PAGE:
Dr Detloff Rump is the Chief Underwriter Asia at Swiss Re.

Non-communicable diseases (NCDs) kill 38 million people across the world each year. Cardiovascular disease (CVD) accounts for the majority of these deaths, especially in developing countries.¹ In 2013, Swiss Re, one of the largest reinsurance companies in the world partnered with the Harvard School of Public Health (HSPH) to better understand and predict the future impact of cardiovascular disease in the rapidly evolving economies of Brazil, China, India and Russia. Roche Diagram magazine speaks with Dr Detloff Rump, Chief Underwriter, Asia, Swiss Re who examines the potential for diagnostics and private insurance to partner and reduce the burden of the disease.

In China, it is estimated that one life is lost to cardiovascular disease every 10 seconds.2 According to the Systematic Explanatory Analyses of Risk factors affecting Cardiovascular Health (SEARCH) project, a joint research project undertaken by Swiss Re and the HSPH, cardiovascular disease now accounts for 41% of all deaths in China.2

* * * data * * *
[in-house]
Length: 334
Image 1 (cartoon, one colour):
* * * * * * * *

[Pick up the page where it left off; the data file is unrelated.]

Dr Rump, who has over 27 years of experience in risk assessment and is a trained physician says: “The SEARCH study showed that risk factors for CVD such as hypertension, tobacco smoking, alcohol use and an unhealthy, westernised diet have trended upwards over the last 20 to 30 years. China’s health profile has changed very quickly and NCDs now pose a considerable public health challenge and socioeconomic burden.”

To reduce the economic burden of medical expenses for its citizens, the Chinese government announced nationwide healthcare reforms in 2009, with a view to achieving universal access to healthcare services by 2020.3